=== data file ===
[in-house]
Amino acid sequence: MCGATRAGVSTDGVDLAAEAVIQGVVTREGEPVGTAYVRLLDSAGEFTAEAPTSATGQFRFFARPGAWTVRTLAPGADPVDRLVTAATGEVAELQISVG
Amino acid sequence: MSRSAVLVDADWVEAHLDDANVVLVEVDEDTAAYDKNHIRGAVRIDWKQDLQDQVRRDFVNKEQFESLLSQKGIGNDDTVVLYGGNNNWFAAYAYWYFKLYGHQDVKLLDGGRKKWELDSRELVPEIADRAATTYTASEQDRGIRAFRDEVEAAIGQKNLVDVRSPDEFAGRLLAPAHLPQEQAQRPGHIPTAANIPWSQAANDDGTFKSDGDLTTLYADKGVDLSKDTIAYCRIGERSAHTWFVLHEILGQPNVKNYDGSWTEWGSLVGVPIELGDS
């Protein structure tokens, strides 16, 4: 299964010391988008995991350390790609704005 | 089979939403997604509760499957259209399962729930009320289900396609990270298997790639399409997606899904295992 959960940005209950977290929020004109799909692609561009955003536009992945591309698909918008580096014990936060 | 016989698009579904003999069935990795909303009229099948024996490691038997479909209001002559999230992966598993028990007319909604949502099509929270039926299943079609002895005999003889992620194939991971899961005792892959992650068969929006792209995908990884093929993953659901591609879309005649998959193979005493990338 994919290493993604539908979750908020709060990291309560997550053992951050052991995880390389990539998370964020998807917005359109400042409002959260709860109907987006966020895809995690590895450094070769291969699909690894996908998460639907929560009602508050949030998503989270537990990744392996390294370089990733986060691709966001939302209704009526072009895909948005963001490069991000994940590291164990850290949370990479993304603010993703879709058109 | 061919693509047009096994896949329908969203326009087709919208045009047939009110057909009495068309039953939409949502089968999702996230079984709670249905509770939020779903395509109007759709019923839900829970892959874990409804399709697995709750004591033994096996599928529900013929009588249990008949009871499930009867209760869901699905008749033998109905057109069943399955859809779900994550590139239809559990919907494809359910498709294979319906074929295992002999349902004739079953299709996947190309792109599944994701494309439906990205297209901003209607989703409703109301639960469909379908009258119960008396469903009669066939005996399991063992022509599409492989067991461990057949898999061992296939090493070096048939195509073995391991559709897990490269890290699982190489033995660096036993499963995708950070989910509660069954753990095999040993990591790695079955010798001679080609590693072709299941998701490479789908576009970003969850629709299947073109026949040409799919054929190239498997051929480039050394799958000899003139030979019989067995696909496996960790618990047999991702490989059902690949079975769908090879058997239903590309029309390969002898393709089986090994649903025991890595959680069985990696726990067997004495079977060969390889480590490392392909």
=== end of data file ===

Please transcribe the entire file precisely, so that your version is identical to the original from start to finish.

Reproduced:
[in-house]
Amino acid sequence: MCGATRAGVSTDGVDLAAEAVIQGVVTREGEPVGTAYVRLLDSAGEFTAEAPTSATGQFRFFARPGAWTVRTLAPGADPVDRLVTAATGEVAELQISVG
Amino acid sequence: MSRSAVLVDADWVEAHLDDANVVLVEVDEDTAAYDKNHIRGAVRIDWKQDLQDQVRRDFVNKEQFESLLSQKGIGNDDTVVLYGGNNNWFAAYAYWYFKLYGHQDVKLLDGGRKKWELDSRELVPEIADRAATTYTASEQDRGIRAFRDEVEAAIGQKNLVDVRSPDEFAGRLLAPAHLPQEQAQRPGHIPTAANIPWSQAANDDGTFKSDGDLTTLYADKGVDLSKDTIAYCRIGERSAHTWFVLHEILGQPNVKNYDGSWTEWGSLVGVPIELGDS
């Protein structure tokens, strides 16, 4: 299964010391988008995991350390790609704005 | 089979939403997604509760499957259209399962729930009320289900396609990270298997790639399409997606899904295992 959960940005209950977290929020004109799909692609561009955003536009992945591309698909918008580096014990936060 | 016989698009579904003999069935990795909303009229099948024996490691038997479909209001002559999230992966598993028990007319909604949502099509929270039926299943079609002895005999003889992620194939991971899961005792892959992650068969929006792209995908990884093929993953659901591609879309005649998959193979005493990338 994919290493993604539908979750908020709060990291309560997550053992951050052991995880390389990539998370964020998807917005359109400042409002959260709860109907987006966020895809995690590895450094070769291969699909690894996908998460639907929560009602508050949030998503989270537990990744392996390294370089990733986060691709966001939302209704009526072009895909948005963001490069991000994940590291164990850290949370990479993304603010993703879709058109 | 061919693509047009096994896949329908969203326009087709919208045009047939009110057909009495068309039953939409949502089968999702996230079984709670249905509770939020779903395509109007759709019923839900829970892959874990409804399709697995709750004591033994096996599928529900013929009588249990008949009871499930009867209760869901699905008749033998109905057109069943399955859809779900994550590139239809559990919907494809359910498709294979319906074929295992002999349902004739079953299709996947190309792109599944994701494309439906990205297209901003209607989703409703109301639960469909379908009258119960008396469903009669066939005996399991063992022509599409492989067991461990057949898999061992296939090493070096048939195509073995391991559709897990490269890290699982190489033995660096036993499963995708950070989910509660069954753990095999040993990591790695079955010798001679080609590693072709299941998701490479789908576009970003969850629709299947073109026949040409799919054929190239498997051929480039050394799958000899003139030979019989067995696909496996960790618990047999991702490989059902690949079975769908090879058997239903590309029309390969002898393709089986090994649903025991890595959680069985990696726990067997004495079977060969390889480590490392392909």